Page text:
- Identify the areas that supply public drinking water.
- Inventory contaminants and assess water susceptibility to contamination.
- Inform the public of the results.
Water for more than 80 percent of the population in Michigan comes from surface-water sources that include the Great Lakes, the Upper Great Lakes Connecting Channels, and inland lakes and rivers. This study developed assessment methodologies to determine the risk for contamination of each of these sources at locations where water is withdrawn from them for municipal use. The assessment process was being developed by USGS in partnership with MDEQ and the approximately 70 water supplies that use surface-water sources. Completed assessments provide each water supply with a map of their source water area, a comprehensive inventory of potential contaminant sources within the source water area, and a determination of the relative sensitivity and susceptibility of the intake(s).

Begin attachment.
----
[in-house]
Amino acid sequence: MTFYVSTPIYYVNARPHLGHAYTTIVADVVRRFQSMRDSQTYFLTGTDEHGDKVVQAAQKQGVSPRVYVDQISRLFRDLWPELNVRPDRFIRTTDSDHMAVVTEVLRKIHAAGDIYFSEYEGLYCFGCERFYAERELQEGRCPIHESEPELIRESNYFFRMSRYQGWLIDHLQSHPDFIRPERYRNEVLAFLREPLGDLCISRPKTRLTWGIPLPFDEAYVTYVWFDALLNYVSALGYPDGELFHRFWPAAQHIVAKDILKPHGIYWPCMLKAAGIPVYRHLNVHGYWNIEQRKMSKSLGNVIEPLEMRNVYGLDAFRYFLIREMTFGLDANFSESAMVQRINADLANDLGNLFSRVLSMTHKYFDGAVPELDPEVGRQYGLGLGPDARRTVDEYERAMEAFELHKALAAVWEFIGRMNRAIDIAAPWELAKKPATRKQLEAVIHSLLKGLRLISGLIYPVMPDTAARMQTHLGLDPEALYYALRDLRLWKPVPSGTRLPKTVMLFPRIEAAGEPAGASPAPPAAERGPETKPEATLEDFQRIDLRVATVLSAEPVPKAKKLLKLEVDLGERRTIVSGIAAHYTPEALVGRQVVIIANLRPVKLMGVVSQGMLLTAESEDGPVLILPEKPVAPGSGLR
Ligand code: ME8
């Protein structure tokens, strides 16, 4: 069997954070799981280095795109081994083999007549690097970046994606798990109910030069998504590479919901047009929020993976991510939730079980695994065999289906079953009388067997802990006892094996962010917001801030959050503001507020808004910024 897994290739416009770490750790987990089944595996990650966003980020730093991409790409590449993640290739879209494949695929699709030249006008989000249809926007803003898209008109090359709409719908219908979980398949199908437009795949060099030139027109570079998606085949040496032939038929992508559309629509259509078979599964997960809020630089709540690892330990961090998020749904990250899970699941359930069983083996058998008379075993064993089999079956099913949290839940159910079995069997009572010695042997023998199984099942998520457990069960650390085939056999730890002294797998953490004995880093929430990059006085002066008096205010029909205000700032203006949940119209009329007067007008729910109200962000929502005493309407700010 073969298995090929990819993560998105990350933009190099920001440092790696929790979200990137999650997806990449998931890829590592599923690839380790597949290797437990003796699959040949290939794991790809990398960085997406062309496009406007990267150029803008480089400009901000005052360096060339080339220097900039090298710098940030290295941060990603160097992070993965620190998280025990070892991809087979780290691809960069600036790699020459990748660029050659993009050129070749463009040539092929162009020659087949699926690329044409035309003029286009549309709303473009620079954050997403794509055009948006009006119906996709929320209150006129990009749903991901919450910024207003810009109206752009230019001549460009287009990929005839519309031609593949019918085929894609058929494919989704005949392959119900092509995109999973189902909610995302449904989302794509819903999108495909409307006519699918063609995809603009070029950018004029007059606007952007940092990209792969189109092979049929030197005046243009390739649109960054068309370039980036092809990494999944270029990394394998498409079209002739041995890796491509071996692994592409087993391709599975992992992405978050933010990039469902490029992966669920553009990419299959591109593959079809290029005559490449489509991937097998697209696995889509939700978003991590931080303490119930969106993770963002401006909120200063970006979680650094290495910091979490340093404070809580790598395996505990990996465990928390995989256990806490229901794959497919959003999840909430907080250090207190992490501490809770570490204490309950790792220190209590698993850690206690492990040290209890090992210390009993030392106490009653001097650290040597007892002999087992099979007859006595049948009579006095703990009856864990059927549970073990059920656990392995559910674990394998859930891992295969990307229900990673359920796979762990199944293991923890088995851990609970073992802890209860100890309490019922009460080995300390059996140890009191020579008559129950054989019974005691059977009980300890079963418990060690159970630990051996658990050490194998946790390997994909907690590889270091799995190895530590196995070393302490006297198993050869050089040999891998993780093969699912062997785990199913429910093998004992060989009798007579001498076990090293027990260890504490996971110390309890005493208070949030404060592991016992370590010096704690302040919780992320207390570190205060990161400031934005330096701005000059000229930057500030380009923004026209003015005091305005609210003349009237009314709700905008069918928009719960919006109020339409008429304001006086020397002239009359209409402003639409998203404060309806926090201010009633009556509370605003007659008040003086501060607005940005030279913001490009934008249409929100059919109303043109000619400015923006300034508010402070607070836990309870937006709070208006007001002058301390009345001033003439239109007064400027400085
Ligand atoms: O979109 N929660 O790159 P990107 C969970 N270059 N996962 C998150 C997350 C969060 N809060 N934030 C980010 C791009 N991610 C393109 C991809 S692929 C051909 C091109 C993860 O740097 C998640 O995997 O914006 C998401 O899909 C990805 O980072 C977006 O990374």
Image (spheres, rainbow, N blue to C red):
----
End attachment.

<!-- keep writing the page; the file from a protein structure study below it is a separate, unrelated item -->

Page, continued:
USGS helped MDEQ define protocols to implement this EPA-mandated program throughout Michigan. Methods were developed to delineate areas contributing water to drinking water supplies statewide, including Great Lakes intakes, inland rivers, and karst areas.
Links to Other Resources:
Sweat, M.J., Brogren, B.B., Jodoin, R.S., Rossi, T.A., and Loerop, M.W., 2002, Michigan’s Source-Water Assessment Program – Surface-Water Assessments Leading To Protection Initiatives, RTS# MI-0121
Microsoft® PowerPoint® Presentation:
Michigan Section AWWA Annual Conference September 15, 2000 (1.81MB)
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